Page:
The approach of control system upgrades or complete replacement offers benefits which include: 1) increased asset protection, 2) increased reliability, 3) improved efficiency, 4) faster information access, 5) better interface functionality, 6) improved component communication, 7) reduced service and implementation costs, and 8) lower component costs over legacy systems.

Significant savings are possible

Some controls manufacturers have stated that controls systems can save at least 15% on the electric bill due to better capacity control, set point shifting, scheduling, load shedding and enterprise wide energy management.  The payback for such systems can be 1½ years through energy savings alone, not to mention the reduction in unplanned maintenance calls.

Could your facility use an extra $35,000[1] added to the bottom line each year?

One study found in one of the largest supermarket chains, a survey of 50 stores showed the majority had control systems but that the control strategies were not implemented correctly.   These misgivings provide an opportunity for savings of up to 335,000 kWh annually per site. This opportunity to save money was hidden because the building operators believed they already had the full benefits of controls.[2]

Control systems have come a long way over the last few years.  Is your system doing all that it can for you?  Are you missing out on significant operational savings due to your current control system, or maybe just from the control scheme?  A small investment could allow you to reap large paybacks to the bottom line.

The first step to improve your operational costs is to contract with a commissioning agent or firm to conduct a systems commissioning, then work with an experienced controls engineer to develop the controls system strategy that is configured to best serve your system needs.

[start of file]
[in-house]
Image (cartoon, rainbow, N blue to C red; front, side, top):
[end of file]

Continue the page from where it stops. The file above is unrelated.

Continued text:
Miguel Purdy, P.E. is a licensed mechanical Engineer who has over 25 years of refrigeration system engineering design expertise.  Miguel serves as the Program Manager for Refrigeration at HFA can be reached at or 479-273-7780.


1 Based on 335,000 kWh x $0.1045/kWh = $35,007.  National average electricity cost = $0.1045/kWh

[2] Supermarket Controls and Commissioning: Uncovering Hidden Opportunities, Diane Levin and Lawrence Paulsen, Portland Energy Conservation, Inc., 2006 ACEEE Summer Study on Energy Efficiency in Buildings.

Engineering a Meaningful Place

We sat down with A/E Firm HFA to ask about the importance of integrating engineering into a good architectural design.

Q: What is the role of engineering when designing a new space?

A: The architect creates the space with the needs of the client in mind, while it’s the challenge of the engineer to make the space functional, comfortable and safe. One of the engineer’s main goals is to design the most optimal use of the space.

“Successful design integrates architecture and engineering into a holistic space.”


Q: What’s the biggest advantage of HFA being an integrated A/E Firm?

A: Communication. The HFA design team all work in the communication to stimulate creative design solutions. Truly integrating an A/E firm is like designing a good space, you have to understand how the disciplines work together to create the holistic experience for the end-user. In this scenario, our clients are the end-user.


Q: How does that integration help in creating meaningful places?

A: Any designer can create a space, but great spaces happen when architects and engineers are working together to optimize it for the human experience. That’s the end goal of any project. Good space design is about the way it makes you feel when you experience it, and we want to create a meaningful place for all to enjoy!

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HFA Ranked Top 5 by Architectural Record

Arch Record List

Architectural Record has ranked HFA the 5th top design firm in the nation for the Retail Market.

As a full service architecture and engineering firm, HFA continues to be a leader in Retail Store design across the United States.


Designing for the Customer Experience

We were interviewed about the impact of design on retail. Here’s what we had to say:

Q: Retail brands work tireless hours defining their image, how do you encompass their image into the space you’re creating?

A: For us it’s about a deep connection with the client. We first try to understand their business philosophy. We want to know why they’re in business. Then we immerse ourselves into their brand, so we can become the customer. The goal is to design a space that works for the end-user — their customer.